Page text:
Worldviews, Worship, and Wineskins

The Gospel at Work in Every Context

Why Christians Shouldn’t Take the Bible Literally

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Maybe you’ve heard this comment or something like it before:

“The Bible is a good book, but you just can’t take it literally.”

Many Christians protest.  “We take the Bible literally!”  We say.  Then passages such as Numbers 22 with Balaam and the talking donkey, or the book of Jonah and his dramatic experience inside the fish are commonly used as ammunition to discredit the reliability of the Bible.  Can any rational person be expected to believe these tales?  Aren’t they just metaphors with moral underpinnings?

Yes.  Rational people CAN (and do) take these accounts at face value.  If we accept the existence of God (which most people do), there is no reason to reject the historical accuracy of miraculous accounts, as long as they are contained in otherwise historically accurate writings.  BUT…we shouldn’t take the Bible literally.

Before you stop reading and label me an apostate, let me explain.  Let’s dig through some basic rules of human communication and grow in our understanding of how to understand and explain the natural way to interpret the Bible.

First and foremost, no one interprets the Bible literally.  As in the WHOLE Bible.  The protestant Bible is made up of 66 books written in 3 different languages on 3 different continents over thousands of years by dozens of authors from every walk of life.  Remarkably, all of that material points to the same person who inspired it (the God of the ancient Hebrews), but it is NOT all literal!  Take, for instance, these lines that Solomon wrote about his bride:

“Your eyes are doves behind your veil.  Your hair is like a flock of goats leaping down the slopes of Gilead.  Your teeth are like a flock of shorn ewes that have come up from the washing, all of which bear twins, and not one among them has lost its young.”  

This passage is obviously poetic and contains figures of speech: metaphors and similes.  If we were to stand on our claim that the Bible should be taken literally, we would have to say that Solomon’s bride had birds for eyes!  Obviously that isn’t what he meant.  Which is what we, as readers of the Bible are looking for: what did the author mean to say?

If the author is writing historical narrative (like the gospels or the first eighteen books of the Old Testament), it’s safe to say he meant for us to interpret his material literally.  Jesus himself interpreted miraculous accounts literally: “For just as Jonah was three days and three nights in the belly of the great fish, so will the Son of Man be three days and three nights in the heart of the earth.” (Matt 12.40).  If the passage is poetic, it contains an overwhelming majority of figurative language.  If it is prophetic, the prophet generally lets the reader know whether he is using symbolism and figures of speech.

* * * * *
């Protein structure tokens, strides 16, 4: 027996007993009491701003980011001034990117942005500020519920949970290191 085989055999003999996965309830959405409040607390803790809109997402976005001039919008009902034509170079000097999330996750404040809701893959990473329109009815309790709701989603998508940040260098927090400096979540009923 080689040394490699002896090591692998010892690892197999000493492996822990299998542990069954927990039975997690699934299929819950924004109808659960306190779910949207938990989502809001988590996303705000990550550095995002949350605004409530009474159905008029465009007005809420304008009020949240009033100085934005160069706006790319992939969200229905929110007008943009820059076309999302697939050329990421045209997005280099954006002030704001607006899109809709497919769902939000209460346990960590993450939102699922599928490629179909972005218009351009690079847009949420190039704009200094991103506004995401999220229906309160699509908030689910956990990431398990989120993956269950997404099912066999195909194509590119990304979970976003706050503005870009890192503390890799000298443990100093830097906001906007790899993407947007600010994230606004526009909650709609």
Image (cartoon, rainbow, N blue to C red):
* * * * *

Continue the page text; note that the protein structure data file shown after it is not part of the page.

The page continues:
Here are three of rules of thumb that will never steer you wrong:

1: Context is king!  The author of the text usually gives you pretty clear indications of his intentions.  Let the text speak for itself, don’t take small passages out of their literary context. Jesus is called the “Lamb of God” in several new Testament books.  Do we believe that he was literally a juvenile farm animal?  No, that would be a pretty violent interpretive maneuver.  We understand that we shouldn’t read modern newspapers as though they were poetry.  We know that modern love ballads contain hyperbole.  Figures of speech are common tools in human communication, we have to interpret them the way they were meant to be interpreted.  If there is confusion about the author’s intended meaning in a specific passage, back up a few verses or a couple of chapters and pick up his train of thought.  The surrounding context will generally clear up the meaning of most of the individual verses in the Bible!

2. Ask yourself, “What is the author trying to convey?”  Ultimately, the author controls the meaning of the text, NOT the reader.  What would Steven Spielberg say if someone wrote a review of “Saving Private Ryan” that claimed it was an extended allegory about politics in the 1990s?  My guess is he would say something like “No, you doofus.  That’s not what the film means.”  If we let the text speak for itself, a large majority of interpretation is simple.  Yes, some passages are difficult, but even if we were to exclude them *gasp!* the Gospel message is clear.

3.  “I take the Bible at face value.  It is what it appears to be.  It means what it says.”  These phrase can be very helpful in conversations with those who toss out the “L” word (literally).  We can agree with them and say “No, you’re right.  I don’t take the Bible literally either.  At least not the whole thing.”  This is a good way to find common ground with people who might have never considered normal rules of human communication apply…even to the Bible.

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